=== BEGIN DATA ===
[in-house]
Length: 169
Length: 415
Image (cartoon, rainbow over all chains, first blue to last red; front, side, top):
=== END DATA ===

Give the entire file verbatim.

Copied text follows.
[in-house]
Length: 169
Length: 415
Image (cartoon, rainbow over all chains, first blue to last red; front, side, top):